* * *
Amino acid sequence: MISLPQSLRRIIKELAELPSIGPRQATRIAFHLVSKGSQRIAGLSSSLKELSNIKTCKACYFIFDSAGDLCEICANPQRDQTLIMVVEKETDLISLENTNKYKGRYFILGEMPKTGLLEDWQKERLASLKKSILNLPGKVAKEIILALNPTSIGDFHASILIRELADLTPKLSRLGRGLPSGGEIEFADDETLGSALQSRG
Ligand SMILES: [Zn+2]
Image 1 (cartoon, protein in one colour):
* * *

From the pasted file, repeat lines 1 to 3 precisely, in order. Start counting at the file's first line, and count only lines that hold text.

Amino acid sequence: MISLPQSLRRIIKELAELPSIGPRQATRIAFHLVSKGSQRIAGLSSSLKELSNIKTCKACYFIFDSAGDLCEICANPQRDQTLIMVVEKETDLISLENTNKYKGRYFILGEMPKTGLLEDWQKERLASLKKSILNLPGKVAKEIILALNPTSIGDFHASILIRELADLTPKLSRLGRGLPSGGEIEFADDETLGSALQSRG
Ligand SMILES: [Zn+2]
Image 1 (cartoon, protein in one colour):